Washington Post: Barghouti and Pollard:
Two prisoners at the center of the Mideast peace talks

William Booth - The Washington Post - April 9, 2014

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RAMALLAH, West Bank - The two men have been moldering in jail for years: one a convicted spy, the other a convicted terrorist. To their supporters, they are victims, martyrs and symbols. And their releases could be the diplomatic gestures that allow the collapsing Middle East peace talks to continue, Israeli and Palestinian negotiators say.

Marwan Barghouti, 54, dubbed "Palestine's Nelson Mandela" by supporters, has been incarcerated in Israel's Hadarim prison for the past 12 years, serving five consecutive life sentences for his role as facilitator and mastermind behind murders of Israelis carried out during the second intifada, or uprising, in the early 2000s.

Jonathan Pollard, 59, a former U.S. Navy intelligence analyst, caught spying for Israel in 1985, is beginning his 29th year at a federal prison in North Carolina. His supporters say his sentence is excessive, and no one convicted of similar charges today would serve more than 10 years.

Before peace talks imploded two weeks ago, U.S. diplomats were discussing with their Israeli counterparts an early release for Pollard in a complex deal to keep peace talks going. Pollard is serving a life sentence but eligible for parole in 2015.

On a parallel track, Palestinians have been pushing for Barghouti's release. At a White House meeting in March between Palestinian Authority President Mahmoud Abbas and President Obama, Barghouti's case was mentioned as one way to end the impasse.

"The link has been established: Free Barghouti, along with the other Palestinians prisoners, and let the Israelis and Americans do what they want with Pollard. He is not our concern," said Ziad Abu Ein, deputy minister of prisoner affairs for the Palestinian Authority.

Barghouti was arrested by Israeli security forces at Abu Ein's home in 2002. "They threatened to blow my house up," Abu Ein said, and smiled. "So he did the right thing and surrendered." He said that Barghouti would be an excellent vice president.

Successor to Abbas?

According to opinion polls, Barghouti is the most popular political figure among Palestinians today.

Once a political rival, Barghouti is widely considered a potent, pragmatic, potential successor to Abbas, who is 79 and has threatened that this is his last bid at making peace before retirement.

"We want him home," said Barghouti's wife, Fadwa, who is also a lawyer and runs an organization dedicated to his release. "This is the time to talk about his release," she said.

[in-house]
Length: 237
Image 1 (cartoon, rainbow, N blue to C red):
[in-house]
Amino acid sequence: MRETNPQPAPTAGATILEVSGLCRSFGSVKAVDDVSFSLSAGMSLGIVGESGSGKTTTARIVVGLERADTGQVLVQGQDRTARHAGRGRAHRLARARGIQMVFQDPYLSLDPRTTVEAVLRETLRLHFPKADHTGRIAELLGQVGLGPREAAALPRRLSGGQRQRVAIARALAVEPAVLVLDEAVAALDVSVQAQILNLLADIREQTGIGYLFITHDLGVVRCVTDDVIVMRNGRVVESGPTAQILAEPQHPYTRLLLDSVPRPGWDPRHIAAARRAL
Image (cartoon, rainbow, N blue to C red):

After two decades in Israeli jails, Barghouti now speaks fluent Hebrew. He has renounced violence as a tactic, his wife said. "He wants to find a way forward for both Israelis and Palestinians."

Barghouti reads six to eight books a month, she said, shares a cell with his cousin, has access to television and spends his time in political discourse with other prisoners.

"His mind is more clear; the experience of prison, his reading, his contemplation, has expanded his horizons," Fadwa Barghouti said.

"In talks, his name is always at the top of the list," said Mohammed Shtayyeh, a former Palestinian negotiator who resigned his post in protest of continued Israeli construction of Jewish settlements in the West Bank.

"He is a leader, which is why we want to see him among us again," Shtayyeh said.

Supporters who seek the release of Pollard also say this is the moment.

"Pollard is the center, at the very core, of any deal to continue the talks," said Nachman Shai, a member of Israel parliament and a leader of the Labor Party, which represents the center-left in Israel.

Immediately after his arrest, Pollard was an embarrassment for Israelis, who initially refused to acknowledge that he was a spy in their employ. An American Jew, he was paid by his Israeli handlers to steal a trove of classified documents at the height of the Cold War. The American intelligence community branded Pollard a traitor.

"At the time of his arrest, I would say that 99 percent of Israelis rejected him," Nachman said.

Israelis didn't like the idea of an American Jew spying on a close ally, the United States. "It raised all the old ideas about dual loyalties," Nachman said.

"His cause was first adopted by the extreme right wing, then the right wing, then the orthodox, the religious nationalists, and now even the left," Shai said.

After years in prison, Pollard was awarded Israeli citizenship, and his freedom has become a rallying cry among average Israelis.

Israeli Prime Minister Benjamin Netanyahu, who once visited Pollard in prison, would receive a political windfall with his release and might be able to use Pollard's freedom to keep his fragile coalition government intact if peace talks continue.

Still, not a national hero

"Politicians have made a lot of headlines about Pollard. But even today, Israelis don't see him as a national hero. We know he is a dubious character." said Uri Dromi, a columnist and former chief spokesman for prime ministers Itzak Rabin and Shimon Peres.

But Israelis also feel Pollard has been treated unfairly.

"For Israelis, it is a matter of justice, of humanity," Dromi said. "It's so strange, to keep him in prison for so long."

His supporters say Pollard has been held longer than many other spies convicted of similar offenses. They contend that he did no harm to the United States and that the information Pollard turned over to his Israeli counterparts was mostly about Arab states and the Soviet Union.

Dromi said there are strong currents in Jewish tradition and Israeli society and military that place great importance on redeeming a captive and never leaving a fallen comrade behind.

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